A Sacrifice for Someone Else

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To listen to this reflection as a podcast, click here.

For most churches, Christmas Eve and Easter Sunday are the two annual high-water marks for attendance. 

Mother’s Day often comes in third.  It has become an opportunity to celebrate the crucial role that parents (especially moms) play in raising up the next generation of Christian disciples.  Years ago I remember standing before our crowded sanctuary on the second Sunday morning of May.  About halfway through the sermon I asked three questions.

“How many of you are parents or grandparents?” Almost every hand went up.  There were plenty of smiles. 

“How many of you would unhesitatingly sacrifice your own life to save your children or grandchildren?”  The same hands went up again, but this time even higher.  The smiles morphed into looks of serious resolve.  My life for their life?  You bet I would do that.

Then I posed the third question. “How many of you would sacrifice your favorite style of church music or your preferred worship time so it would be easier for your children or grandchildren to hear about Jesus?” 

Nervous laughter. 

“You don’t need to put your hand up for that one,” I said. “But think about it.  Would you be willing to make some kind of sacrifice – not even approaching the ultimate sacrifice – if you knew it would bless somebody else for the sake of the Good News?”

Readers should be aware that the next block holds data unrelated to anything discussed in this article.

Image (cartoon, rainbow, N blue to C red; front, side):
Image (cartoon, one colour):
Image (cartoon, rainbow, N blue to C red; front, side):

Truth be told, at any given moment a great many of us struggle with that third question.  We can become so wrapped up in our opinions about secondary issues – Does Jesus think it’s OK to have a beer while watching a football game?  Do electric guitars belong in worship?  Is the cosmos billions of years old or has it only been around for a few thousand years? – that we lose our focus on spiritual essentials. 

Worse than that, we begin to see those who have different opinions on such questions as our opponents.  Christian circles can be tainted by a winner-takes-all mentality.  God wants me to come out on top because God has assured me that I am right.  And that means it’s time for you to get in line with the truth – which means coming around to my way of seeing things.

The very idea that I should sacrifice my convictions to make life easier for people with less-than-ideal opinions seems ridiculous. 

But that is unquestionably what Scripture commands us to do. 

One of the most dramatic illustrations of this is reported in Acts 15, the account of what has come to be known as the Jerusalem Council.  It’s easy for us to forget that the most urgent question for the early church is something that no longer even appears on our radar:  If Gentiles want to follow Jesus, do they first have to become Jews?   This was a spiritual question of volcanic explosiveness.  Within 20 years of the resurrection, the matter of where Gentiles stood with God had become a kind of magma chamber that threatened to blow the young church apart.

Jewish followers of Jesus had grown up knowing that the Messiah, who was himself a Jew, had been sent to the people of Israel.  Surely every Old Testament law and tradition remained supremely important, and ought to be a part of the life of every one of the Messiah’s followers.

But that’s not the message that Gentiles were hearing from missionaries like Paul.